Hollywood’s Top Ten Vampire Movies — I

 

Have you seen these beings, which are essentially pale and scary-looking? They often dress in black and drain the life-force out of anyone who crosses their path. No, no, I am not talking about tax inspectors or lawyers. I am just verbalizing about these blood-sucking ‘Vampires’, whom we are seeing on-screen for the past nine decades. From “Nosferatu” (1922) to “Twilight” series, many of us love to see them. Of course, there are reasons for that: They can be sexy (Queen of the Damned, From Dusk Till Dawn), funny (Lost Boys, Fearless Vampire Killers), scary (Dracula, Near Dark) and, sometimes plainly ridiculous (like Twilight series). However, only a select few have had such impactful story lines that were celebrated as cult classics by horror fans around the world. So, now, let’s forget the recent campy teenage fantasies “Twilight” and see what are the Hollywood’s real and best vampire movies.

 

10. Fearless Vampire Killers (1967)

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Roman Polanski – the master of fear and paranoia – has directed this vampire themed spoof movie. A comic duo go after a family of Transylvanian vampires, and they amiably run through all the standbys associated with vampire movies, which puts a personal and goofy spin on most of them. This isn’t a classic horror/comedy, like Mel Brooks’ “Young Frankenstein.” Truth to be told, this work from a younger Polanski pretty much fails at creating an effective comedy so much as he succeeds at creating a light-hearted horror film.Not the best vampire genre movie around but its unique style of film-making still makes this a one of kind movie.

 

9. Fright Night (1985)

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Tom Holland’s minor vampire classic will make you laugh as well as scream. Teenager Charley, one day, spies a attractive girl, getting undressed in the upstairs window one night—and his next-door neighbor Jerry leans over her shoulder with a mouth suddenly sprouting fangs.  He also sees a corpse being dragged out of the house, but unfortunately no one takes him seriously. Sure it looks dated, but you should still give it a try, since this is the amusing redefinition of the vampire mythology.

 

8. The Lost Boys (1987)

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Joel Schumacher’s “The Lost Boys” is a cultural touchstone of the 1980s American cinema, which combines a mild dose of sexuality, a medium dash of violence, and a major splash of humor to a basic horror tale. It takes place at a time when the influence of MTV was already infiltrating popular culture to the saturation point. You don’t have to have grown up in the eighties to enjoy it. Is it campy? Absolutely, but it is also a good mixture of well used horror tactics and a well rounded cast.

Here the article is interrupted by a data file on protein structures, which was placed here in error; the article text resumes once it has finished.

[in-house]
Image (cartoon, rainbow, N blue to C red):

7. From Dusk Till Dawn (1996)

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Let me warn you that this is a B-movie, albeit a big budget B-movie, and with an undeniable B-movie spirit. In spite of its odd change of narrative gears, it’s fun the way something like EVIL DEAD is fun. The Gecko brothers (Clooney and Tarantino) pull up a bank robbery to settle in New Mexico. They arrive at a rowdy strip bar called “The Titty Twister” to meet a contact, but things take an abrupt turn, when everyone around them start turning into vampires. The witty and obscene dialogues are purely Tarantino’s, while the rigorously edited action sequences, wide angle shots of dusty highways belongs to director Rodriguez.

 

6. Interview with the Vampire (1994)

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Based upon Anne Rice’s novel, Neil Jordan’s “Interview with the Vampire” draws you in and enfolds you in a thick fog of menace. It makes few modifications to the common vampire mythology. The charismatic Louis’ tells a long flashback about the initiation into the Vampires’ world, which takes place in New Orleans of the late eighteenth century. After losing his wife and child in a disaster, he meets an alluring Vampire Lestat (Tom Cruise), who offers Louis a simple option: to die or live like him, as a force of evil. There are few pacing problems but the makeup and gothic settings are superlative.

 

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